- What is landscape’s role in the Pavilion and how is it representative of Israel’s history?
There are three major landscapes in the pavilion: one is the landscape of the Ayalon Valley in Moon over Ayalon Valley and as I explained it is related to the hubris embedded in the biblical miracle. The second landscape located on the intermediate level is the Jezreel Valley, represented in Jezreel Valley in the Dark – a floor installation consisting of puzzle-shaped agricultural plots filled with coffee dregs. The third one is Marble Sun – the marble floor installation, located in the pavilion’s courtyard, representing the Zionist settlement Nahalal (which is located in Jezreel Valley, near Armageddon).
The Jezreel Valley – one of the emblems of the agricultural settlements founded by Zionist pioneers – has acquired the status of a mythological landscape in Israeli collective memory. It is a wide expanse of land located in the north of Israel. Weinstein’s strategy of presenting a bird’s-eye view of the valley echoes the numerous observatories located on the tops of the surrounding mountains, from which generations of Israelis have admired the beauty of the landscape. The decision to represent the valley by dismantling it into the form of a puzzle reflects Weinstein’s ironic take on the shattering of the Zionist dream. Moreover, turning it to a wet, mold-infested puzzle that may even pose a health hazard – is a very strong metaphor for the current state of event in the region.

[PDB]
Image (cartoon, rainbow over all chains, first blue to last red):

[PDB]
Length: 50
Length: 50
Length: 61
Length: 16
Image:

The third landscape – Marble Sun – refers to Nahalal, the first socialist village established by Eastern-European Jews who immigrated to the country during the first two decades of the 20th century. The design of the village, planned by the architect Richard Kaufman in the form of a circle, reflected a utopian, egalitarian ideology. The outer ring was divided into agricultural plots; the inner ring was designated for the farmers’ shacks; and the center of the circle housed public buildings and the residences of public functionaries. In Israeli mythology, Nahalal is synonymous with Jewish agricultural labor and an authentic, rural lifestyle; paradoxically, it is also viewed as the birthplace of a new Israeli elite. Weinstein’s original work was made of synthetic strips of artificial grass and cheap office carpeting in numerous shades of green, yellow, and brown. Here, the work has been adjusted to the Italian environment: it is composed of Carrara marble and various local stones in a range of grays, browns, and yellowish-beige, whose contrasting hues give off the effect of light radiating out from its center. Weinstein’s representation of this mythological settlement – first out of carpets and then again out of marble, a material associated with memorials and commemoration – raises questions about the birth and death of social and political ideals.